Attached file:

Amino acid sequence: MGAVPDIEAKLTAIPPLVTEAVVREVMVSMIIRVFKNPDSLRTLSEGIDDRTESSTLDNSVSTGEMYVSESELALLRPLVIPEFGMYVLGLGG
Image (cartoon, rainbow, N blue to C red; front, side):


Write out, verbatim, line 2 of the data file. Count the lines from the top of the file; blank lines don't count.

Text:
Image (cartoon, rainbow, N blue to C red; front, side):